- Truth # 1 - College costs are absurdly high and the projections aren’t encouraging
- Truth #2 – The impact on families is seen in the gigantic amount of student loan debt incurred
- Truth #3 - Upper-middle-income families are the ones suffering the most
To many parents, helping to pay for their children’s college education is a deeply held emotional need, which means that when the time comes and it’s a question of saving for retirement or helping pay college costs, the more emotional and urgent need of college funding supersedes retirement savings decisions.
Because many parents now have the seeming impossible double burden of paying for college while saving for retirement, they expect (rightly so!) more than just college savings strategies from their advisor. They want their advisor to help them identify ways to reduce their out-of-pocket college costs – without crippling their retirement savings outlook.
Advisors today who have the specialized capability to provide college savings strategies/plans AND college cost reduction strategies have a tremendous opportunity to differentiate themselves from other advisors, deepen the client relationship, generate more revenue and identify other opportunities with the client.
Beyond these, many advisors have a personal stake in helping clients avoid transferring tens and possibly hundreds of thousands of dollars of assets under management to cover college costs.
In order to further expand the financial solutions and services offered and to better meet the needs of clients with college-bound children (as well as capitalize on the aforementioned advisor opportunities), there are a number of areas where a knowledgeable advisor can offer significantly more value to families with college-bound children. Here are four of the most valuable and practical areas where your knowledge will go a long way to delivering more value to your clients with college-bound children:
- Expected Family Contribution (EFC) analysis – The EFC is the basic starting point to being able to offer value-added college planning services to a family. The EFC is what the family will be expected to pay toward the cost of college at a particular school before qualifying for any need-based financial aid from the school. As it relates to need-based financial aid, families fall into one of three categories: they will qualify, they won’t qualify, or they could qualify (see item #2 below). Depending on a number of factors (cost of the school, number of children in college at the same time, etc.), families making in excess of $250,000/year may qualify for need-based financial aid. Because need-based financial aid can significantly reduce the out-of-pocket college costs for middle and upper-middle-income families, at a minimum you should be able to estimate your clients' EFC and help ensure that they can at least cover that amount.
- Strategies for increasing financial aid eligibility – If you and your clients don’t know how financial need is determined and if you don’t know the difference between “included income and assets” and “non-reportable income and assets” for purposes of filling out financial aid forms – you should know - because where they keep their money matters. If they don’t know how to plan for financial aid, they could end up losing thousands in financial aid – and you could end up losing thousands in assets under management!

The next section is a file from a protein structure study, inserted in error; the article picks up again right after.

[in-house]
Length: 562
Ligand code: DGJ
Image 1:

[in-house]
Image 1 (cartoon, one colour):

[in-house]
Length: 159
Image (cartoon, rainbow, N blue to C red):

- Funding strategies for covering the gap - Most families will either need loans to help cover the total cost of college or should at least consider them for a variety of reasons. Knowing which options to choose - based on circumstances - can be complicated and confusing. Choosing the wrong option can cost families thousands of additional dollars on out-of-pocket college costs! The knowledgeable advisor should have a basic understanding of the federal loan programs as well as the pros/cons of each so as to be able to offer some guidance to the client for choosing the best option for their circumstances.
- Planning for business owners – Most advisors consider business owners to be highly desirable clients. There are many college planning strategies specific to business owners that can help them reduce their college costs significantly either through financial aid-enhancing strategies or strategies that are unique to business owners that can help increase cash flow or tax savings. What makes business owners the best candidates for college planning help is their unique ability to control their circumstances, including income, which is the primary driver of the EFC, versus W2 employees. IRS 970, Tax Benefits for Education, is a good resource for learning some of the tax-planning options available to families in general and business owners in particular, like the Employer Provided Educational Assistance that may offer significant tax and college cost savings benefits to small, closely-held businesses.
About the Author
Roger Lorelle is President of Collegiate Funding Solutions (CFS), an XYPN discount partner. CFS equips XYPN members to help clients save ON, and not just for, college costs. CFS’ college-planning software, support, education and marketing material enable fee-only advisors to deliver the college-planning value Gen X parents need today and grow their business and revenue in the process.
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